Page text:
The language of the bailout does talk about homeowner assistance … limit executive pay … provide for government audits … etc. But it doesn't dictate serious limits on how the banks can use the money. Barney Frank may have thought he had an understanding with Paulson, Fed Chairman Ben Bernanke and the big banks.

But that's like having an understanding with Al Capone.

Seriously … If Frank is as smart as everyone says he is, and he's making a deal with banks that have already shown they're capable of blowing hundreds of billions of dollars on derivatives, shouldn't he demand what he expects from them in writing before handing them a big bag of our money?

I guess I shouldn't single out Congressman Frank. Plenty of others in Congress went along with Paulson's plan. They say you get the leaders you deserve. But did we really deserve this?

The $700 Billion Bailout Is a BIG, FAT FAILURE!

Have you heard the chuckleheads on CNBC line up to say: “The government can end up making money on this bailout”?

Sure, when pigs fly!

The plan is that as the housing market recovers, the government will sell its holdings — all that worthless mortgage paper from the banks — and recoup its money. Never mind that many of those mortgages will never pay off … that there was outright fraud … that inflation is going to eat up any remaining value of the collateralized debt obligations.

In short, this plan won't work.

The sad thing is this $700 billion financial Frankenstein is just a drop in the bucket of the wholesale looting of the public purse that has gone on under the Bush Administration. Over the past eight years, Bush added approximately $5 trillion to the national debt ceiling.

The point of my rant here is that the U.S. government has blown $700 billion — and much more — bailing out criminals in pin-striped suits who got themselves into a multi-billion-dollar mess of their own devising, and then they insist on giving themselves bonuses !

It's High Time to Stop Bailing Out These Bums …

There is going to be another bailout. I know, after all the facts I've laid out for you here, you probably want another government bailout like you want to have your liver extracted by a guy with a switchblade.

But as long as Washington can print money, they'll throw it at problems. So I have a suggestion for the next President: Stop bailing out Wall Street fat cats.

I don't care how much they scream about how they're the underpinning of America's financial system. If Wall Street bankers cannot survive after all the money we've thrown at them, tell them to drop off the banks' keys at the U.S. Capitol. We'll find someone else who can do the job.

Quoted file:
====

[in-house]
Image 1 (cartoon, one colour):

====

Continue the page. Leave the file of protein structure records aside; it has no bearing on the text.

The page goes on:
And while we still have some money left in the Treasury … while the U.S. dollar still holds some value … please spend the money on something useful.

3 Ways to Spend the Next Bailout Package,
And Create New American Jobs That Can't Be Shipped Overseas …

I know that the next President will be tempted to bail out the consumer. After all, Wall Street got its loot. So why shouldn't America's middle class?

And consider …

  • Nearly one in five U.S. mortgage borrowers owe more to lenders than their homes are worth. And the rate may soon approach one in four. About 7.63 million properties, or 18%, had negative equity in September, according to a report by First American CoreLogic.
  • Manufacturing in the U.S. contracted in October at the fastest pace in 26 years.
  • Over one million jobs have been lost in the last 12 months. In September, another 159,000 jobs disappeared.

Never mind recession — we could be headed for Depression.

The Reuters-Jefferies CRB Index of Raw Industrials, a gauge of the cost of 22 items including scrap copper, cotton and hogs, is a good indicator of economic health.

Plunge in CRB Raw Materials Index: A sign of worse to come for the economy?

During the eight-month recession that began in March 2001, this index fell 8.7% as U.S. industrial production dropped as much as 5.7%. The industrial-commodity index fell 19% during the recession that began in July 1981, as factory production plunged as much as 7.1%.

How much has it fallen now? A whopping 31%, and factory production has only fallen 2.8% … so far. Again, that means much worse is likely to come.

So I know that it will be tempting for the new American President to provide “mortgage relief” and prevent foreclosures.

But … that would just be propping up the same failed system that Wall Street hoodwinked us with in the first place. Our housing market needs to fail — so prices can find a new base and economic activity can start again.

And throwing billions and billions of dollars at consumer debt would just send it into the same black hole that Wall Street knows so well.

So how would I spend the next bailout package?

Here are three ideas:

1) Rebuild the nation's power grid …